Charles Spearin

The Happiness Project

(Arts & Crafts; 2009)

By Calum Marsh | 7 October 2009

The great cultural theorist Jean Baudrillard once argued that Conceptual Art, with its essential adherence to singular ideas and conspicuous points, represented some major failing on the part of modern art to not simply capitalize but even understand its primary usefulness to the people who consume it. His point is that art does things to us—it moves us; it incites an emotional response of some sort—and that if art should refuse to participate in the process of moving people in that sort of way, we’re denied the one thing about art in general that we’ve come to rely on culturally for continued satiation. And so while Hirst’s shark tank and Tracey Emin’s unmade bed make heady appeals to the intellect, their capacity for actually affecting an audience, at least for Baudrillard, is pretty much nonexistent. Nobody weeps before Duchamp’s Fountain; one simply nods and says, “I get it.”

Charles Spearin wants it both ways: The Happiness Project is very much a concept album, but the desired response is an emotional one. He wills us to connect, to engage with this thing, and (maybe) to be moved. The required contextual information is that Spearin, who is a founding member of both Broken Social Scene and Do Make Say Think, conducted a series of casual interviews with some of his neighbors “vaguely centered around the subject of happiness.” Sifting through each resulting recording for “cadence and inflection that give the voice a sing-song quality,” Spearin wrote music to accompany these “accidental melodies” and invited musicians to perform along with each voice.

The fundamental point being, I guess, that the difference between speaking and singing is more negligible than we perhaps assume it to be, and that which we label “music” isn’t so far removed from the ordinary sounds which populate everyday life. This is pretty broad and pedantic concept to be tackling, and as a strict “experiment” it fails for being neither original (the most obvious example of a nearly identical concept would I guess be Steve Reich’s “It’s Gonna Rain”) nor particularly compelling. Despite how overtly the album purports to approach those questions and concepts, it doesn’t make any point about the apparent connection between language and music beyond the superficial and fairly obvious overlap between the two. If Spearin’s point is merely that speaking and singing are not strictly dichotomous, the followup question is: so what? Brian Eno and David Byrne said more on the subject with My Life In The Bush Of Ghosts (1981) than Spearin does here, and The Happiness Project adheres to the query much more stubbornly.

Which is why Spearin poses his second major question: what is the nature of happiness? If the false dichotomy of speech/song was addressed through form, Spearin’s examination of happiness is a matter dealt with strictly as content. The speaking subjects whose monologues form the basis of this material divulge personal anecdotes, pedestrian philosophy, and general musings, and the overall point of these expressions seems related less to understanding happiness than to understanding, just a little, the people who populate Spearin’s neighborhood. The pervading feeling is one of community, and the candor with which many of his neighbors speaks lends the listening experience an inclusiveness that can’t be feigned. This is particularly true of the album’s strongest piece, “Vanessa,” in which a deaf woman whose hearing was temporarily restored explains the sensation of hearing the world for the first time. It’s on this track alone that Spearin’s musical accompaniment seems to compliment, rather than conflict, with the sound of the speaker’s voice, lending Vanessa’s story—moving enough itself, music aside—the respect of relative space and clarity.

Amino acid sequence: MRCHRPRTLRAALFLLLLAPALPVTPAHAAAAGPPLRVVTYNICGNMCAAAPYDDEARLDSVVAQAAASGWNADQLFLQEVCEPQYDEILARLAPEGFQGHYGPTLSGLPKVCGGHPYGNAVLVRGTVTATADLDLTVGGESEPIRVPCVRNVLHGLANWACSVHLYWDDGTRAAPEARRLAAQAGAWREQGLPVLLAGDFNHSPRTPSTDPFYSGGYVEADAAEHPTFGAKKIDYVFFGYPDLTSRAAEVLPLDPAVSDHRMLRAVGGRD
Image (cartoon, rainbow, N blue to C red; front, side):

Where Spearin’s two major concepts connect is in the convergence of form with content. The natural melody of the speaker’s voice as he or she talks is accompanied by matching instrumentation, and the compositional editing, whether by cutting or looping, is crafted in such a way as to reflect the importance of the speaker’s message. Thus when “Anna” decides that the “challenged women” with whom she works “don’t ask beyond what’s present,” the sentence is repeated as the music swells around her. Spearin matches voices with instrumentation as a way of better underlining what he sees as the inherently musical qualities of one’s speaking, but what’s frustrating is that this conventional overlap between instrument and voice almost never sounds good; characters with perfectly enjoyable voices in their own right are transformed into odd caricatures, sounding more like the adults from Peanuts (the voices of whom were, of course, produced by muted horns) than speakers or singers or both. The effect, in almost all cases, ends up undermining the “happiness” aspect of the project, for the messages these characters attempt to deliver are at best confusingly obscured and at worst entirely drowned out.

The trouble seems to be what Baudrillard knew all along: The Happiness Project adheres to its own overarching concept too rigidly to really affect its listeners. Rare moments when these messages bleed through the experiment and resonate emotionally, as on “Vanessa,” just illustrate more clearly what should have been obvious from the beginning: Spearin’s dedication to what is essentially cerebral gimmickry impedes his own ability to connect with an audience in a meaningful way. Thus The Happiness Project is relegated to the status of simple novelty. It wants to pose a serious question, but to what end? This album gleans insight from ordinary people, but the capacity of their thoughts and opinions to affect has been unfortunately squandered. Now we simply nod and say, “we get it.”